In Tahrir Square around 1,000 protesters are voicing their anger over the anti-protests law approved by the cabinet on Wednesday, which slams up to a one-year sentence and a hefty fine on protesters.
The protesters are also voicing their dissatisfaction with the trials of the former ministers and businessmen during the Mubarak regime. They have dubbed the court cases “imaginary,” and have called for swift and efficient trials to all, including Mubarak and his family, arguing that the former president used to accuse people and put them in jail quickly, and the same should be done to him.
Over in Maspero, about 2,000 protesters are calling for the removal of all media personalities associated with the old regime, and the replacement of all editors of national papers. They are also voicing their anger about the anti-protest law.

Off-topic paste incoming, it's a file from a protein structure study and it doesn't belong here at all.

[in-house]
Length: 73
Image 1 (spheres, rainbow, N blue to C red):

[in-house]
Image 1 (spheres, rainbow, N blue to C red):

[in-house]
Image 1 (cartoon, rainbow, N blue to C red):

The protesters chanted, “The people want to free the media.”
Wael Abbas, activist and blogger said that more people would have come out but were frightened of the anti-protest law.
“It has scared people and made them worried that they would be slammed with a jail sentence if they come out today,” Abbas fumed. “Even Mubarak wasn’t able to pass such a law, so how could they do it?”
Fellow activist Amr Ezzat, said that the low turnout could also be due to the fact that many students are preoccupied with demonstrations within their university campuses.
Ezzat added that the army approved the anti-protest law to try and avoid accusations that they arrested and abused protesters in Tahrir Square on 9 March.
“They want to give legitimacy to their actions and this law gives them that legitimacy,” says Ezzat.
On the other side of Maspero 500 Copts are protesting because the criminals behind the burning of the Two Martyrs Church in Atfeeh, Helwan on 4 March, were not arrested or put on trial.
“We are out today for a symbolic protest to show that we have strength in the street and that we still insist on our earlier demands,’ says Rola Sobhi, one of the Coptic protesters.